Published 9:06 PM EDT Oct 4, 2018
WASHINGTON – Supreme Court nominee Brett Kavanaugh says he was "sharp" and said "a few things I should not have" during a Senate hearing over sexual assault allegations last week.
Kavanaugh, writing in an opinion piece for the Wall Street Journal, said he regretted his tone at times during last week's Senate Judiciary Committee hearing that included Christine Blasey Ford, who has accused Kavanaugh of sexually assaulting her when they were both teens.
"I was very emotional last Thursday, more so than I have ever been," Kavanaugh wrote. "I might have been too emotional at times. I know that my tone was sharp, and I said a few things I should not have said."
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Kavanaugh promised in the piece, titled "I am an independent, impartial judge," that his tone was not an indication that his open-mindedness would change if the Senate confirms him to the nation's highest court.
"Going forward, you can count on me to be the same kind of judge and person I have been for my entire 28-year legal career: hardworking, even-keeled, open-minded, independent and dedicated to the Constitution and the public good," he wrote.
Kavanaugh used the piece to rebuff criticism that his tone and comments targeting Democrats during the hearing could be seen as a political bias and something that could hang over decisions for years to come.
Retired Supreme Court Justice John Paul Stevens said that he originally supported Kavanaugh but could not any longer because of Kavanaugh's "performance" during the hearings, according to the Palm Beach Post
"At that time, I thought (Kavanaugh) had the qualifications for the Supreme Court should he be selected," Stevens said. “I’ve changed my views for reasons that have no relationship to his intellectual ability … I feel his performance in the hearings ultimately changed my mind."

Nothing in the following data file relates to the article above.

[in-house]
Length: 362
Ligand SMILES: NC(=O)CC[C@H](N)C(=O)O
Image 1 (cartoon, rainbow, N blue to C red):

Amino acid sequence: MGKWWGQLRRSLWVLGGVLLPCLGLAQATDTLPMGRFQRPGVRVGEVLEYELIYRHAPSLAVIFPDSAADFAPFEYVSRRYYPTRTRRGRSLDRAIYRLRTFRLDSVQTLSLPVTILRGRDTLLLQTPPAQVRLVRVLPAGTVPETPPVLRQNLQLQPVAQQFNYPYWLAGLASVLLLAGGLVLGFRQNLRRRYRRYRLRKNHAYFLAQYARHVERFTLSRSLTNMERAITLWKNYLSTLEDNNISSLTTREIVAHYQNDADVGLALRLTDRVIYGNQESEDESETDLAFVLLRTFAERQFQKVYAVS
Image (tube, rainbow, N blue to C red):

Democrats and even some Republicans who hold key votes on Kavanaugh's confirmation have pointed out Kavanaugh appeared angry and targeted Democrats multiple times while defending his reputation.
Kavanaugh accused liberals of "a calculated and orchestrated political hit, fueled with apparent pent-up anger about President Trump and the 2016 election."
Sen. Jeff Flake, R-Ariz., said after last week's hearing that he "didn’t like some of the more partisan references and the tone, particularly with some of my colleagues." Flake, who holds a key Senate vote deciding Kavanaugh's future, added, "We can’t have that on the Court.”
But President Donald Trump, who picked Kavanaugh to serve on the court, was pleased with his aggressive tone, according to officials who spoke with USA TODAY.
After the hearing, Trump posted his support for Kavanaugh on Twitter.
"Judge Kavanaugh showed America exactly why I nominated him," the president wrote. "His testimony was powerful, honest, and riveting. Democrats’ search and destroy strategy is disgraceful and this process has been a total sham and effort to delay, obstruct, and resist."
The editorial was published on the eve of a pivotal vote in his confirmation. A procedural vote on Kavanaugh's nomination is scheduled for 10:30 a.m. EDT Friday. If it passes, it could pave the way for a final vote as early as Saturday.
Republican leaders are increasingly optimistic about Kavanaugh's chances of confirmation after two undecided Republican senators, Jeff Flake and Susan Collins, gave initial positive reactions to an FBI report released Thursday looking into the sexual assault allegations.